Your car insurance policy lists everyone under your roof that’s of age for a driver’s license - at least, that’s what happens in most cases. It’s possible that one or more of those people listed on your car insurance will never drive your car. It could be due to a debilitating injury or simply because they don’t drive and don’t plan on ever getting a driver’s license. And because they are listed on your car insurance policy, it could impact your premiums. Excluding a listed driver from your policy could be a way to trim down your costs.
Excluding a driver from your car insurance policy may be possible in some situations, while in other circumstances, it’s not an option. In this article, Part 1 helps figure out if it’s possible to exclude a driver from your car insurance, Part 2 tells you how to exclude drivers, and Part 3 explains what happens if an excluded driver damages your car.
Part 1 of 3: Determine if it’s possible to exclude a driver from your car insurance
Most times, everyone eligible to obtain a driver’s license is listed on your car insurance policy. That means everyone 16 years of age and older. There may be people you wish to exclude from your policy that live in your house such as:
- Elderly family members who are no longer able to drive
- Disabled family members
- Habitual offenders behind the wheel
- Children who should have moved out already
Unfortunately, not just anyone can be excluded from your car insurance policy. You’ll need to check with your insurer before you can proceed to exclude a driver that lives with you. For example, it may not be possible to exclude someone who has:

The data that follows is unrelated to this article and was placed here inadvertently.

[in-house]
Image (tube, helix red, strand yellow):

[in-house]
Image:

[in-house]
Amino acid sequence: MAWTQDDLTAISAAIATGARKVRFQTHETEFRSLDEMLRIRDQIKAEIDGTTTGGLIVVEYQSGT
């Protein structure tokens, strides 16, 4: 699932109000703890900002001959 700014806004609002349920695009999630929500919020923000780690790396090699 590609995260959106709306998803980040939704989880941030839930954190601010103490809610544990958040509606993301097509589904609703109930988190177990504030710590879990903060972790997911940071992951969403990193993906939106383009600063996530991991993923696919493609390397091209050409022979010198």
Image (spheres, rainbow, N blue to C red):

- A serious driving conviction like a DWI/DUI
- Previously held a learner’s permit but failed the test for a full license
- Been cited for driving without a license, or someone with a suspended or revoked license
Some policies do not allow for exclusions at all. Anyone living at the same address must be listed on your car insurance policy. Call your insurance provider or log into your online account, if available, to determine if driver exclusions are permitted.
Part 2 of 3: Exclude the driver from your car insurance
Excluding a driver from your car insurance may be as simple as modifying your policy online. If that’s all that’s required, it can be a swift and painless experience. However, in some cases, you may need to prove that a driver will never be behind the wheel of your car. That can be a difficult task.
You may need to submit documentation to exclude a driver from your car insurance policy. For a disabled person, proof of their disability is likely all that’s necessary. For able-bodied adults, it could be more of a challenge.
For adults or children of age who live at the same address, you may need to show that they will not be driving your car at all. You may require to send the insurer a signed affidavit or alternatively prove that the driver will never be behind the wheel of your car.
Part 3 of 3: What happens when an excluded driver has a collision while driving your car?
Your car insurance policy will have clear information regarding driver exclusions. You should expect that an excluded driver who has a collision while driving your car will not be covered by your insurance policy. Essentially, your car is uninsured while under control of the excluded driver.
It’s important to note that someone who could potentially - even in an emergency - be driving your car should be listed on your policy. However, if there’s no chance of that happening, you could save money by adding a driver exclusion.